Patients and methods
This prospective study included 12 patients who had end-stage arthritis. All patients had old acetabular fractures either with or without hip dislocation. All patients had a nonoperative treatment for their fractures 1-5 years before presentation for total hip replacement. Clinical, laboratory, and radiological evaluations before surgery were performed. In all patients, conventional cementless cups combined with bone graft from their own femoral heads were used to fill defects and reconstruct the acetabulum. The duration of the follow-up period ranged from 1 to 3 years.
Clinically, there was marked improvement in the Harris Hip Score (satisfactory results in 83.33% of the study group at the last follow-up) with special concern to postoperative pain relief, the range of hip movement, and the walking distance. Radiologically, all cups were placed in the normal hip center with no early signs of cup loosening, migration, or position change with good integration of the bone graft.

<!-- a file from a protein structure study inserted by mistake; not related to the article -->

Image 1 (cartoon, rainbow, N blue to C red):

The results were very satisfactory and significantly in favor of using this technique using conventional cementless cups combined with autogenous bone grafting to reconstruct the acetabulum in certain cases of old united fractures of the acetabulum saving the extra costs of metallic augments, special cups, or modular reconstructions using cages or rings and achieving a superior biological and biomechanical reconstruction.

Keywords: arthritic acetabulum with defect, autogenous bone graft, cementless cup, durable biologic construct, old fracture acetabulum

How to cite this article:
Rizk AS. Combined cementless acetabular reconstruction with bone grafting in total hip replacement after acetabular fractures treated nonoperatively . Egypt Orthop J 2014;49:160-6

How to cite this URL:
Rizk AS. Combined cementless acetabular reconstruction with bone grafting in total hip replacement after acetabular fractures treated nonoperatively . Egypt Orthop J [serial online] 2014 [cited 2020 Apr 9];49:160-6. Available from: http://www.eoj.eg.net/text.asp?2014/49/2/160/145402